Stocks are rising slightly on Thursday, with the Dow Jones Industrials Average (DJINDICES:^DJI) and the broader S&P 500 (SNPINDEX:^GSPC) up 0.22% and 0.24%, respectively, at 12:05 p.m. EDT. Three Dow components that together represent broad consumer and industrial demand reported quarterly earnings before today's opening: 3M (NYSE:MMM), Caterpillar (NYSE:CAT), and Procter & Gamble (NYSE:PG). Results -- and the market's reactions -- were mixed.
On earnings per share, only Caterpillar produced a "beat" (it also raised its full-year forecast), with Procter & Gamble in line with the consensus forecast and 3M falling short of the mark. On revenue, Caterpillar again was alone in exceeding Wall Street's expectations. (This illustrates a phenomenon I highlighted in Tuesday's column, whereby S&P 500 companies appear to be struggling to meet analysts' revenue forecasts during this earnings season.)
3M, which lowered its full-year guidance range by $0.20, to $7.80 to $8.10, is attracting the strongest reaction in the market, with shares down 2.6% at 12:05 p.m. EDT.
Welcome to the era of "capital recycling"
Japan's Nikkei 225 index closed above 20,000 yesterday -- its highest level since the heady days of March 2000. One catalyst for the recent gains in Japanese shares is part of the Abe government's "third arrow" of structural reform, including improved corporate governance and a new focus on capital return to shareholders.
Last month, for example, notoriously secretive industrial robot maker FANUC said it would consider raising its dividend and buying back shares. The company hit the headlines in February after activist investor Daniel Loeb disclosed that his fund, Third Point, had established a position in the stock, but FANUC maintains that its decision is unrelated to Third Point.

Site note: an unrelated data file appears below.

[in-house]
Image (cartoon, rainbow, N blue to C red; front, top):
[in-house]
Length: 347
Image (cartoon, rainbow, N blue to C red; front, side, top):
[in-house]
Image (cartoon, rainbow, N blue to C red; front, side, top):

While I applaud this orientation in Japan, the process has its limits, and -- surprise! -- the U.S. corporate sector may now be providing an example of just that. With nearly 30% of S&P 500 companies reporting earnings this week, many will announce increases in dividends and share repurchase programs. Indeed, buybacks and dividends for the S&P 500 are now expected to exceed $1 trillion this year.
Finance blogger Jesse Livermore (@Jesse_Livermore on Twitter) has done yeoman's work to increase understanding of long-term equity returns in the U.S. His most recent blog post looks at the effects of "capital recycling," and his prognosis is sobering:
In past markets, corporations grew EPS by investing in organic business growth, which isn't affected by the market's valuation. The current era, however, is characterized by a reduced emphasis on organic business growth, and an increased emphasis on EPS growth through share count reduction -- what is perjoratively termed "capital recycling."
Currently, almost 100% of S&P 500 EPS is being devoted to capital recycling–some combination of dividends, buybacks, and buyouts. The growth that this recycling will produce will be entirely determined by the market's valuation–nothing else can make a difference to it but that. And so if these simulations in historical data are telling us that we should mark down our future return expectations by 25% to 33% of the historical norm, then we should probably mark them down by an even greater amount, because the underlying allocation practice through which they will be driven down–capital recycling that occurs in lieu of organic business growth–is significantly more prevalent now than it was in prior eras.
That assessment is no cause for alarm per se, but it's another reason some investors might wish to revisit their assumptions regarding the long-term returns they expect to earn in the stock market.